What are the direct and opportunity costs to having a workstation out of service?
Using computer equipment and networking infrastructure older than 5 years in a networked business setting can come with risks and expenses that outweigh the initial savings. Deferring regular a tech refresh and delaying updating of critical software systems leads to a technological debt load for an organization, with unanticipated urgent costs in the future when systems fail to meet the needs of present day requirements, security or company growth.
Risks of Tech Debt Include:
As technology advances, new security threats emerge. Older equipment may not have the necessary security features (TPM, secure firmware, up to date OS for example) to protect against these threats, making them more vulnerable to cyber attacks. Manufacturers may also discontinue releasing software and firmware updates, leaving these models exposed to known flaws.
As technology advances, software and operating systems require more resources to function. Older equipment may not have the necessary hardware capabilities to run the latest software, leading to slow performance and decreased productivity.
One example is drive speed; new computer equipment comes with fast solid-state “hard” drives as standard. Older machines with rotating hard drives are painfully slow to boot or load software in comparison. Hard drives are a point of failure, all mechanical drives have a limited lifespan, and will fail over time, with the resulting impact of loss of data and downtime.
New equipment can also fail unexpectedly but the risk of failure can be mapped on a bell curve, with early life products being a very low percentage, and new equipment is usually covered by manufacturers’ warranty for 1 to 3 years.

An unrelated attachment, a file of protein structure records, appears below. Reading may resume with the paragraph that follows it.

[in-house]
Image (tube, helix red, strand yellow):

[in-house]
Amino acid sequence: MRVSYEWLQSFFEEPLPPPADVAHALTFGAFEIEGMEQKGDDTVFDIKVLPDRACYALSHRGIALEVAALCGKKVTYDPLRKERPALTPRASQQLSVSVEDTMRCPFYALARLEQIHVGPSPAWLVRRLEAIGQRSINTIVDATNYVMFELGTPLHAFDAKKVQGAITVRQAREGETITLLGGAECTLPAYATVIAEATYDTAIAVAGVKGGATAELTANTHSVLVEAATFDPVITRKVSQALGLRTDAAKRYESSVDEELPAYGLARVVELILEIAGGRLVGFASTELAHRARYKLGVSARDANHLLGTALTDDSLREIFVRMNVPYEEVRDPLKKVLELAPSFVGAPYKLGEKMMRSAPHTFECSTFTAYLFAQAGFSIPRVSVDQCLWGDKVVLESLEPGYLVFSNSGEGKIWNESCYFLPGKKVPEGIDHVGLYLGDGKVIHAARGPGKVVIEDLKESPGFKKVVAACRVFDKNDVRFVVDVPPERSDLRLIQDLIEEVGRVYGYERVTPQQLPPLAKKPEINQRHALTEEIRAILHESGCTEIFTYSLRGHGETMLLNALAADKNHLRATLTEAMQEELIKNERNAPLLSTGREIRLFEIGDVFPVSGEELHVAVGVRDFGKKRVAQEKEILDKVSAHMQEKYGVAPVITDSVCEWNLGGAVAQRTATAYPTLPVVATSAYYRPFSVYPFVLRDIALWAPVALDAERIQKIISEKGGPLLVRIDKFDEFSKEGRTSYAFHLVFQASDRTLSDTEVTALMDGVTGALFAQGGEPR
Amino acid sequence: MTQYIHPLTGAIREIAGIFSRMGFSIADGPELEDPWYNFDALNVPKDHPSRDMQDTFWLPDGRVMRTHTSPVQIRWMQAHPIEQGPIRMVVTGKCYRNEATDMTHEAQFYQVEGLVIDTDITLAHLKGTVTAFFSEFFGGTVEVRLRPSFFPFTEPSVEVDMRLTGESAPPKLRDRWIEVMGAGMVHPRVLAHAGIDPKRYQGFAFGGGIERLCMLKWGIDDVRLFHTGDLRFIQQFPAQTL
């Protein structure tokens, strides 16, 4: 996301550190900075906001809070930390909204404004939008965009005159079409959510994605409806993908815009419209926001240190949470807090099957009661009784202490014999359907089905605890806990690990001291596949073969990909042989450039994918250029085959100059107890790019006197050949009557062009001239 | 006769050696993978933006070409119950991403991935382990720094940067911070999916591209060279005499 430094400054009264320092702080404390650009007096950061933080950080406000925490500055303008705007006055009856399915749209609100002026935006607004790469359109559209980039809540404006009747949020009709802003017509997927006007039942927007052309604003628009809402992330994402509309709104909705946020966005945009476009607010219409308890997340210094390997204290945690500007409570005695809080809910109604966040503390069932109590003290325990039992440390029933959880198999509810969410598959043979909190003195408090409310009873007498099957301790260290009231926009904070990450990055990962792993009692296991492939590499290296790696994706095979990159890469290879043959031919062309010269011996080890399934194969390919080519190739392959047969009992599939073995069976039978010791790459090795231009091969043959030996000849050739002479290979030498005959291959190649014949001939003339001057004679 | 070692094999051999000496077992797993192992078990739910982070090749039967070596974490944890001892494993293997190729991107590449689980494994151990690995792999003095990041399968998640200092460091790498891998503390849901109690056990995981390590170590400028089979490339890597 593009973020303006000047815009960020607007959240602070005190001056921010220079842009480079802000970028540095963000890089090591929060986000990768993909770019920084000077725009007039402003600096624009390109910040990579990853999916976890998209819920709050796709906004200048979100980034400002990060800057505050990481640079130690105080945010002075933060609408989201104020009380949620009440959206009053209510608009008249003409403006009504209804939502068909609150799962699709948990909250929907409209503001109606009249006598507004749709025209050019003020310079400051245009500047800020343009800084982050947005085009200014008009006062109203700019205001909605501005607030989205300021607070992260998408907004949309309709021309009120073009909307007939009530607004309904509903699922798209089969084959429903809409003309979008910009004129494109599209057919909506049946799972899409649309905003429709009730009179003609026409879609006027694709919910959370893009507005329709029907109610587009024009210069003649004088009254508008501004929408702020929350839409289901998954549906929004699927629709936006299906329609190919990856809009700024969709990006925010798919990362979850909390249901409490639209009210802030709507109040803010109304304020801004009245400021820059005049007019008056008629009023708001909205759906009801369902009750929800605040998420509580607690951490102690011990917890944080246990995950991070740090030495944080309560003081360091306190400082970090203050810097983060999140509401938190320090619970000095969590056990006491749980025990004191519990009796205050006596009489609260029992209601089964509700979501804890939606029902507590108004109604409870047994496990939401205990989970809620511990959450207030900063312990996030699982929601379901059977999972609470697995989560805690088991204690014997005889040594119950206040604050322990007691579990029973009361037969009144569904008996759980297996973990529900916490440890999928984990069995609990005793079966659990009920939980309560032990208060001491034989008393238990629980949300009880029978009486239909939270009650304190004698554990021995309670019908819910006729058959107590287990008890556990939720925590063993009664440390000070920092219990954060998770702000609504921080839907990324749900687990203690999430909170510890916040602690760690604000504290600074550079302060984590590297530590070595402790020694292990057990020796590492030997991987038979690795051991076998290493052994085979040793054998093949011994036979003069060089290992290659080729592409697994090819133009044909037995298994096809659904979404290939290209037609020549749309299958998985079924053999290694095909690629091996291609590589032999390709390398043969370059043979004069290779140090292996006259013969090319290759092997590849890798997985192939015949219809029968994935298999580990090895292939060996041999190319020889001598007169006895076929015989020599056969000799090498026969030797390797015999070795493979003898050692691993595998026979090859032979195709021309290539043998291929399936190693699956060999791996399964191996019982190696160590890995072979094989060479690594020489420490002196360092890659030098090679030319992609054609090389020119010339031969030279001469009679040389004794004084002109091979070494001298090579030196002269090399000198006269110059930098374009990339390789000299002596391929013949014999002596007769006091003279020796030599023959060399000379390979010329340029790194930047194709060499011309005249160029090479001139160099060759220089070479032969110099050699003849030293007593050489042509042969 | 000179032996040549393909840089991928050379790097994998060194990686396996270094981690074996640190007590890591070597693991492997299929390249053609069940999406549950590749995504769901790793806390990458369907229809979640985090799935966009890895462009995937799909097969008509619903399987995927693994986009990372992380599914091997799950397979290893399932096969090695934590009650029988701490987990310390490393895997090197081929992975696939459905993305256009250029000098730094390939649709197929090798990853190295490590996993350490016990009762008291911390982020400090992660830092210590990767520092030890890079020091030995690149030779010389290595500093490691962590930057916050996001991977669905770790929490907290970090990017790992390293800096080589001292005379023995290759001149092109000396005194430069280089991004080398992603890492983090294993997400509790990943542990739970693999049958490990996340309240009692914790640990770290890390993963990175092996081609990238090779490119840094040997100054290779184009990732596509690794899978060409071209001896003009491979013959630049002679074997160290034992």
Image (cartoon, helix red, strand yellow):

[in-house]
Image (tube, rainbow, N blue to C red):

Lack of support
Manufacturers and vendors typically stop providing software updates and technical support for older equipment and software after a certain period, making it difficult to troubleshoot and fix issues that may arise.
Many industries have regulations that require businesses to use equipment that meets certain security standards. Using older equipment may put a business at risk of non-compliance, which can lead to penalties or loss of certifications.
As equipment ages, the risk of hardware failure increases. This can result in data loss, which can be devastating for a business. Whether you have new or older infrastructure, It is important to have a backup regimen and a robust disaster recovery plan in place to mitigate this risk.
Expenses With Older Computing Infrastructure Include:
As equipment ages, it becomes more likely to fail. Replacing older equipment can be expensive and may require additional expenses, such as data migration and software re-configuration. By planning a scheduled replacement programme, these costs become more predictable and can be budgeted for.
Older equipment may require more frequent repairs and maintenance, which can add up over time. Parts for aged machinery may not be easily available. On the other hand, new equipment usually comes with one to three year warranties, with options for warranty extension, which ensures limited costs for maintenance.